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It’s so strangely fascinating how small things can mean so much, how much impact they can have, and the huge lessons they can deliver in any circumstances and on any subject. The small things in this particular case are as seemingly mundane as it can get: two coins dug out of a pocket. Yet those two coins would ultimately be the first and perhaps the greatest lesson about life, love, and humanity I would ever learn, and all in one sitting no less. This was no penny for thoughts, but rather, the tremendous wisdom of thirty cents.
I can remember one day as a young boy, my grandfather called me over to him, and both his hands were held out and closed. He opened his hands before me to reveal two coins. There was a shiny new nickel in one hand, and a dirty old quarter in the other.
He then said to me, "You can only have one. Pick whatever one you want." Naturally being 4 years old with something shiny in front of me, I took the nickel. This moment would become one of the greatest lessons in life I would ever learn and I wouldn't even know it until long after.
He asked me why I picked it and my reason was based solely on appearance. He then explained to me that while that shiny, pretty new nickel was only worth five cents, that ratty old quarter was worth 25. Being that I knew how to count well past 50 at that age, I knew the difference between 5 and 25 already.
Obviously, it showed the valuable lesson of don't judge worth by what you see on the surface, therefore to not be shallow. It was a good lesson for sure, but it sure wasn't the end of it. Fast forward to now.
I'm 40 years old and my grandfather has since passed on. I think of that day now and of those two coins. After over three decades, that nickel probably now looks just as terrible as that quarter did back then and undoubtedly still does. As expected, its face value is still a small fraction of what the quarter's is. So comes the lesson that looks fade and value is more important. But wait, there's more. Way more.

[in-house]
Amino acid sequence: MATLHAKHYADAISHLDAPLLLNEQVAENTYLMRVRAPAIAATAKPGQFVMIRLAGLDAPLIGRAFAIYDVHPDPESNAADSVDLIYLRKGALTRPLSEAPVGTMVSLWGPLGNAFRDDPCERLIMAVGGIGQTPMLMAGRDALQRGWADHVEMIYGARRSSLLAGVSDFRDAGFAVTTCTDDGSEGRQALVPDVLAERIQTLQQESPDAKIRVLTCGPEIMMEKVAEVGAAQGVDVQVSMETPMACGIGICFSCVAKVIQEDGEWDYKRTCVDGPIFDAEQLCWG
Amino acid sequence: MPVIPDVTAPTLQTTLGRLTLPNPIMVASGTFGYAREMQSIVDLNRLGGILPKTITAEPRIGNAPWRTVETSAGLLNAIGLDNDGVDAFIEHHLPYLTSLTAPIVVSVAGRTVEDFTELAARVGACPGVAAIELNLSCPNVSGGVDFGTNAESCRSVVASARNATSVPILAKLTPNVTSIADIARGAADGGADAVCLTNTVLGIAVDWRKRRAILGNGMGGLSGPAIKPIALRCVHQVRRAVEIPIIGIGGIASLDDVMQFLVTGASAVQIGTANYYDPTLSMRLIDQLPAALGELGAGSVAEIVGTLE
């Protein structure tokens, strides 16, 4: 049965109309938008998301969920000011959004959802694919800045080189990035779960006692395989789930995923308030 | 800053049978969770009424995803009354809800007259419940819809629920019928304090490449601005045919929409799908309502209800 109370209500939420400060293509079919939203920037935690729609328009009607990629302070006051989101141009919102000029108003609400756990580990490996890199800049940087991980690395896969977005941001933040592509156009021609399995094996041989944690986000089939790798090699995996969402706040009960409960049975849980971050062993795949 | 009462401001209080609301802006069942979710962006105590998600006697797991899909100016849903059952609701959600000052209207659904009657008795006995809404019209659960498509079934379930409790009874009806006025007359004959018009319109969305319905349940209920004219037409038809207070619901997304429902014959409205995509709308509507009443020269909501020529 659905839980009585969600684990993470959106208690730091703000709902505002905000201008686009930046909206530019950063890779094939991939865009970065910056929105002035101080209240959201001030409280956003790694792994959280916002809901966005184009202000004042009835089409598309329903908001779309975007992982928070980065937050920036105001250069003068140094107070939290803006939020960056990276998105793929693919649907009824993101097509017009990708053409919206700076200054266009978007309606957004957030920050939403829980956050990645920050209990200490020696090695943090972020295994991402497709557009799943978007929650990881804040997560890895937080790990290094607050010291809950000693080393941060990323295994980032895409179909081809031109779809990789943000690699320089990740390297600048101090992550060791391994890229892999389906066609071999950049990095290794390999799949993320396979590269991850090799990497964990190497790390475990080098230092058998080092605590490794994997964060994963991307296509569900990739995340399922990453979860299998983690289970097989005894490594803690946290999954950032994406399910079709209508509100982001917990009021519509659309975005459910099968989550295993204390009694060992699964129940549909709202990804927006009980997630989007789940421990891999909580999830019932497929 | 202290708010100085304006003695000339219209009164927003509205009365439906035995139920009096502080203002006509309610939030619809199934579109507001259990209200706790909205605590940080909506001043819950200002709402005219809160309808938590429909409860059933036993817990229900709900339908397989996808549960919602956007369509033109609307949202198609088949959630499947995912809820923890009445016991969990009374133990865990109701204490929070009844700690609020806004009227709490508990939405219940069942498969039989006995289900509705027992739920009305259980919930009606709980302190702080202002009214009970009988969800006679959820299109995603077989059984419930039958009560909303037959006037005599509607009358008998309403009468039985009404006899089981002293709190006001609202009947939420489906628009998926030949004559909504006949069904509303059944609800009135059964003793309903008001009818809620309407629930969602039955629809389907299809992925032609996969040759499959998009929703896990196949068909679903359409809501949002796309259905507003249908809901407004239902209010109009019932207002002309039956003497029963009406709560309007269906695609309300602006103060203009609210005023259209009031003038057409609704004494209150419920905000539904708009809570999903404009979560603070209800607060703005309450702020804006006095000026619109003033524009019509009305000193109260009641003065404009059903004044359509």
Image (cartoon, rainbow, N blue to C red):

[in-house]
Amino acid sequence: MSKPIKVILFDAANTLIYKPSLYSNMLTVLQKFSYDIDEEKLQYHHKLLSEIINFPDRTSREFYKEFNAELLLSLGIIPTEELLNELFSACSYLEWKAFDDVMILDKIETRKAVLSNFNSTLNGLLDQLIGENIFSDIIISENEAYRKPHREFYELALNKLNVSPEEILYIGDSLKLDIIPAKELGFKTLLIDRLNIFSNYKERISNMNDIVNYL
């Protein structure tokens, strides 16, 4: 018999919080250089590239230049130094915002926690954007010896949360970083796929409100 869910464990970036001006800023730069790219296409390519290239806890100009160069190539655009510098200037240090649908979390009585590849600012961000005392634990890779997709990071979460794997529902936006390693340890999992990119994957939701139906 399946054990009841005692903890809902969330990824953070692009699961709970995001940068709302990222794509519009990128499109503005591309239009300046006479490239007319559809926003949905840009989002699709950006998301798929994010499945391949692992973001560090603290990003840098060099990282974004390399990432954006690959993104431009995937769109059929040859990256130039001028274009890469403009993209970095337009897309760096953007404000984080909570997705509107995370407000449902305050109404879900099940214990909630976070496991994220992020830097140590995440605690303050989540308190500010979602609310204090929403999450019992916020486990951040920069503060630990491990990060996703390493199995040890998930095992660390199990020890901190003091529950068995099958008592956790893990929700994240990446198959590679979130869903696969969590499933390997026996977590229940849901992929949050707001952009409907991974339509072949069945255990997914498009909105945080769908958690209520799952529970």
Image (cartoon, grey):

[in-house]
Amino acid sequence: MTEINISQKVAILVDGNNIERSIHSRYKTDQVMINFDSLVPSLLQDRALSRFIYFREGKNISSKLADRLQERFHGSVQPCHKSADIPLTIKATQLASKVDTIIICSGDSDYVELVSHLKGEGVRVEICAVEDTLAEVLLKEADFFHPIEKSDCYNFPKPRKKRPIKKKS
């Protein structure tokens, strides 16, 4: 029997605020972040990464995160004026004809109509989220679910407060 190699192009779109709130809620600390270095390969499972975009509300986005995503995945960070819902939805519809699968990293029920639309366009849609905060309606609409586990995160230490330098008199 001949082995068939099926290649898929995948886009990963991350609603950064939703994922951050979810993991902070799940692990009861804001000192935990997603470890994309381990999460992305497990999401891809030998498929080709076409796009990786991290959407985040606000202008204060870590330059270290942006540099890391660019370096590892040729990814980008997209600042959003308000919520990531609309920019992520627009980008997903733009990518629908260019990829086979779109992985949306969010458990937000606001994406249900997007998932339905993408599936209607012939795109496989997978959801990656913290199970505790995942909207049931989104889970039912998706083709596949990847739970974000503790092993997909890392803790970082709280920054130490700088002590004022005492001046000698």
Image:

When he explained to me the differences in the coins and why one was worth more than the other, I remembered him saying that they were also made of two different things. One coin was made of something special and the other wasn't.
Being that particular quarter was made sometime before 1965, it was 90 percent silver whereas the nickel was made of something virtually worthless just as they are today. Bear in mind, he didn't tell me those particular details, I discovered them on my own later. Conveniently this leads to the biggest part of the story and its ultimate lesson.
As of today, that quarter is worth $3.11 regardless of its condition or appearance, just because of what it's made of. As for that nickel that would lose its shine too? Yes, you guessed it, it's still worth a paltry five cents because of what it's made of. By now a lot of you are probably wondering what's the point. The point is that it was actually a profound lesson about humanity, and ultimately a warning of what the world would and has become.
All my life I've watched people do the same thing. They strive for that never-ending more and for perfection that doesn't exist, blindly thinking it's the pursuit of happiness. It's not. Those who seek more and seek perfection in the name of happiness ultimately find misery and disappointment at the expense of their time, their sole, and in many cases their entire life.
For only too late do they discover that it wasn't about having something perfect, it was about having something worth it. They passed up dirty quarters for shiny nickels. They missed out on something with a greater intrinsic value.
But the biggest tragedy is that while quarters are still valued at 25 cents, they're not made from silver anymore. Its ultimate worth depends on what it's made of, and the same goes for people. Be a person of greater worth than your face value. And when selecting another to spend life with, look at what they're made off too. Be wise and choose wisely.